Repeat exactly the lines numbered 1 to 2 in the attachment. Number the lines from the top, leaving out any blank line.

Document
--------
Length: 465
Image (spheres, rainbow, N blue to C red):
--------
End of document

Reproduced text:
Length: 465
Image (spheres, rainbow, N blue to C red):